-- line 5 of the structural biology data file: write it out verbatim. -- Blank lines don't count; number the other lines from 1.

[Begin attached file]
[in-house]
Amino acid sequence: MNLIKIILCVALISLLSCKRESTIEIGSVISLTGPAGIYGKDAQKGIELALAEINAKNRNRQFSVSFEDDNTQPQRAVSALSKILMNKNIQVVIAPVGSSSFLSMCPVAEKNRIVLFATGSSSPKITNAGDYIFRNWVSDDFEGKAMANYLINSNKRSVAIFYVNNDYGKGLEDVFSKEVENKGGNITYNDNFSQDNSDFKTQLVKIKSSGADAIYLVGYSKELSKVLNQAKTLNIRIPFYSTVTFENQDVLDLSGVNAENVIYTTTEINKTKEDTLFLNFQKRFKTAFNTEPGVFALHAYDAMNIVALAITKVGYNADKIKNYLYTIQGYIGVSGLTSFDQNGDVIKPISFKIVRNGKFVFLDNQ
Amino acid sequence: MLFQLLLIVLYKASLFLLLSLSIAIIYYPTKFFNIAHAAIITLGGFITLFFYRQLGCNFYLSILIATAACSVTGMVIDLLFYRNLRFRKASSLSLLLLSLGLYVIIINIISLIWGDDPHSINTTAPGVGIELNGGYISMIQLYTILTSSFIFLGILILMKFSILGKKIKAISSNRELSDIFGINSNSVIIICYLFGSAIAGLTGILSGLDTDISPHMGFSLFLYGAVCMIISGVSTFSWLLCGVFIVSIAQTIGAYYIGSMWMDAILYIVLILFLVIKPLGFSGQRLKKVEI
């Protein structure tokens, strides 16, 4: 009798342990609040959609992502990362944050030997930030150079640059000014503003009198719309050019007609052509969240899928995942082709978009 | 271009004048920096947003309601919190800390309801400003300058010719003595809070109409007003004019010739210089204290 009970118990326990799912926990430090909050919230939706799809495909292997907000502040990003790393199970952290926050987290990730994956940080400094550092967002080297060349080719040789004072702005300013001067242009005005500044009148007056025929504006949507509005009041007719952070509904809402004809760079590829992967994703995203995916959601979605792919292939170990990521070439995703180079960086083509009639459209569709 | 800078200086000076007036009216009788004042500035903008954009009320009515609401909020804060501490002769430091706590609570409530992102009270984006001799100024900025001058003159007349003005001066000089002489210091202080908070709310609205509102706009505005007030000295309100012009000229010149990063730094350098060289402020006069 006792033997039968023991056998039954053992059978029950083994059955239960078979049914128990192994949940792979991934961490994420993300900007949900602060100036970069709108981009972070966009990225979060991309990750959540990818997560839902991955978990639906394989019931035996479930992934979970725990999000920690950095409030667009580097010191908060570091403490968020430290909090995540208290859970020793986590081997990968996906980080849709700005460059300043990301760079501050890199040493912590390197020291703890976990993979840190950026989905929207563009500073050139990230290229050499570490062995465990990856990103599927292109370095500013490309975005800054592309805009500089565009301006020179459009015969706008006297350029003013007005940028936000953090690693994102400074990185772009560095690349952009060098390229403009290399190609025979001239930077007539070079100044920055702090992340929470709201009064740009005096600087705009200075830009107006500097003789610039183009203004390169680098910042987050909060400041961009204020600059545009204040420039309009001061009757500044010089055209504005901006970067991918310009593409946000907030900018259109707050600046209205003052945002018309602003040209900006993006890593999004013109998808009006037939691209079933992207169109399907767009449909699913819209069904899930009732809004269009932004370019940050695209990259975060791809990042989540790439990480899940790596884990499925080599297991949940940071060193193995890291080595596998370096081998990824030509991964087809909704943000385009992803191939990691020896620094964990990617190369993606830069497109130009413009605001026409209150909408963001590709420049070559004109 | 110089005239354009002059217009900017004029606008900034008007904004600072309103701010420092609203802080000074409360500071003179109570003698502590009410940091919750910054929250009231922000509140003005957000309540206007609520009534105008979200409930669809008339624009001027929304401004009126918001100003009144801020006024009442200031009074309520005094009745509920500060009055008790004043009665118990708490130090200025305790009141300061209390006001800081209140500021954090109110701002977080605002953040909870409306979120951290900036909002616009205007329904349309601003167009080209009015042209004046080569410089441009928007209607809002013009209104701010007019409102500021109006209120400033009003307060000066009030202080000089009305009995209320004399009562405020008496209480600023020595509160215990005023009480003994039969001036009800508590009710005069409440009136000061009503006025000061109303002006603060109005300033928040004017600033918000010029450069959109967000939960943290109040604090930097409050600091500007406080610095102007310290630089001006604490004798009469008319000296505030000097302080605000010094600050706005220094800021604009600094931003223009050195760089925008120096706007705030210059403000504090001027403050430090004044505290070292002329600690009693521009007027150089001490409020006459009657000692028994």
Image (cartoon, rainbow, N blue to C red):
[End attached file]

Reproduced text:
Image (cartoon, rainbow, N blue to C red):